Now this is what I call hands-on fun.
Right this second up in the Cloud area at the 2013 National Jamboree, Scouts are building a real race car, rivet by rivet, for Team SLR (Scott Lagasse Racing), the folks behind the BSA No. 8 race car in the NASCAR Nationwide Series.
But this is more than just a model car destined for a museum or a garage somewhere.
This race car the Scouts and Venturers build at the jamboree is headed to the dirt track in two weeks. Yes, Team SLR mechanics will check the car over before the green flag is waved. But still, merely taking the wheel behind a car built by Scouts might raise a few eyebrows in the racing world. But that’s the point of this first-of-its-kind effort in a special exhibit in the Technology Quest area of the Cloud.
“I don’t know of anyone in the racing world doing it,” driver Scott Lagasse Jr. told me. “They’re gonna say we’re nuts. When we said we’re going to do this, we said, ‘Let [the Scouts] do everything.’ We didn’t want it to be fake, because Scouts would know.”
Lagasse has gone full throttle into this BSA partnership, and you can tell he’s right at home working with Scouts. He talked with great excitement about all the Scouts he’s met so far, including Boy Scouts from all over, young women in Venturing and some visiting Scouts from Saudi Arabia.
“It’s been crazy,” Lagasse said. “I’m not sure whether the adults are having more fun, we’re having more fun, or the Scouts are.”
The prospect of fast cars and power tools draws Scouts and Venturers to the Team SLR tent. But once there, they get a little education in STEM (science, technology, engineering, math) on the side.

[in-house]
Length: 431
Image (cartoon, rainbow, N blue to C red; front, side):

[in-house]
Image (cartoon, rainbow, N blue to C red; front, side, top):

“The Scouts have impressed me with their mechanical abilities,” Lagasse said. “There’s a lot of race fans in there, too.”
As for me, I gained a new respect for the level of technology that goes into these racing machines. Lagasse showed me the data from a recent race, comparing a good lap with a great one, side by side. With Lagasse’s help, I could easily see the difference between the laps. On the faster one, Lagasse actually braked more going into a turn, giving him even more ability to accelerate on the home stretch. I was fascinated.
Then I checked out the Scout-built car, which will say Scouting inside and out. In addition to building every piece inside, there are other touches outside. The decals on the panel for the hood, roof and other pieces are even made from Scout signatures (see pictures below).
Scouts who helped build the car can watch it in action online and be able to say “I built that.” Be sure to Like Scott Lagasse Jr.’s Facebook page and follow him on Twitter to stay up-to-date on race times.
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